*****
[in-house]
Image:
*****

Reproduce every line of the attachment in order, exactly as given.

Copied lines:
[in-house]
Image: